What’s on your nightstand?

We’ve got books all over our house. In bookcases and in boxes and filling those handy folding shelves that Target used to sell. I’ve got boxes of old comics and monster movie magazines in the garage (which themselves will one day be the topic of a blog entry or two).

But most of the book action in my household is on the nightstands.

All of us have a few books within reach, ready to be read in the few minutes each night before we (I, really) crash into fitful sleep.

The nightstand is where I put my glasses and my keys and my iPhone each night, but the two stacks of books, teetering a little precariously over everything, is what makes me feel comfortable.

The stack of books at the back of the nightstand is shamefully neglected. Some of those books have been there for a couple of years. They’re books that have been recommended, gifts that I’m meaning to get around to, books that I bought on sale just because I could and books that I’ve actually read before but want to keep handy. “Gregor the Overlander,” by “Hunger Games” author Suzanne Collins, is one that has been highly recommended to me. “Devil in the White City” by Erik Larson is one that I’ve already read and highly recommend.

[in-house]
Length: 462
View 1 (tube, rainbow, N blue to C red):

On top of that stack is a small legal pad, complete with Harry Potter pen, that I keep handy just to jot down notes.

The front stack on my nightstand sees the most action. That’s where you’ll find my latest library books. On top of that stack right now are three books in Craig Johnson’s series of mystery novels about Wyoming sheriff Walt Longmire. If you haven’t read Johnson’s books, you should because they’re great. Good stories, even better characters and a great take on life from his crusty old sheriff protagonist. And you can say, “Oh, I’ve read those books” in case a proposed A&E cable TV series about Longmire is a hit.

Also prominent on the front stack is “The Encyclopedia of Appalachia,” a hefty reference book with a depth of knowledge that matches its weight. Anything you want to know about that region that’s so dear to my heart can be found in that book.

We’re trying to corral our books in this household, figuring out if we want to get some new bookcases. If we do, how we store our books will probably change.

I can’t imagine any change, however, that will rob my nightstand of books.

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